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Published 8 March 2018
Recently, the Court refused to lift an automatic suspension in a procurement challenge brought by two NHS Trusts against a Council on the basis that damages would not be an adequate remedy for the NHS Trusts concerned and that the balance of convenience lay in maintaining the automatic suspension.
The Judgement is very interesting in that it highlights a new issue to consider in the NHS procurement litigation landscape: the need to take into account the potential impact of a procurement decision on incumbent NHS providers – and how that decision may affect that NHS provider’s ability to deliver other services in their portfolio.
This was an application to lift an automatic suspension which is applied where a claimant challenges a procurement process before the contract is awarded. The subject of this challenge was a procurement process under the "light touch regime" in the Public Contracts Regulations 2015 (the "PCR"), run by Lancashire County Council (the "Council") for 0-19 Public Health and Nursing Services. The contract in question has an estimated value of approximately £104 million over 5 years.
Two bids were received by the Council – a combined bid from Lancashire Care NHS Foundation Trust and Blackpool Teaching Hospitals NHS Foundation Trust (together the "Trusts") and a bid from Virgin Care Services Limited ("Virgin").
The final scores were very close and the Trusts challenged the decision to award to Virgin on the basis of an alleged manifest error in scoring.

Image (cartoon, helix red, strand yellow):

Perhaps surprisingly, the Court refused to lift the automatic suspension and ruled that the case should proceed to full trial before the contract is awarded. It said that, in applying the usual “American Cyanamid” tests:
The crux of the decision not to lift the suspension lay in the Court’s view that damages would not be an adequate remedy for the Trusts.
It seems that the main reason for the Court deciding that damages would not be adequate was the fact it would not just be the 0-19 services that would be affected. As a consequence of losing the contract, the Trusts would have to restructure their pathways, making it more difficult for the Trusts to deliver other similar public services which they are contracted to deliver, staff and resources would need to be reorganised, and there was evidence that there may be a loss of senior staff which could impact on other public services provided by the Trusts. The Court expressed that the fact the incumbent providers of the services are NHS Trusts, which are publicly funded and are providing other important public services, was an important factor.
The Court further considered the public interest and the balance of convenience in maintaining the suspension and found that the “least risk of injustice” was to maintain the suspension and not allow the award of the contract to Virgin.
Significantly, the Court noted that the Council had the option to extend its current contracts with the Trusts for the relevant services to cover the interim period leading to the full trial, which could be arranged on an expedited basis and so there was no urgency to get the new contract in place.
This case is interesting as the Court has focused on the nature of the services provided and the impact of lifting the suspension on the specific type of organisation that is delivering the services at present. It may be that an incumbent private sector provider of NHS services could make the same argument in relation to continuity of services. The position may well also have been different if there had been no option to extend the contract with the incumbent providers and/or they were unwilling to do so.
Note that this was not the result of a full trial and the substantive issues relative to evaluation were not interrogated by the Court. The fact that the Court will expedite the trial means that we should see the outcome of that trial within the next few months, providing it goes ahead. So for now, watch this space.
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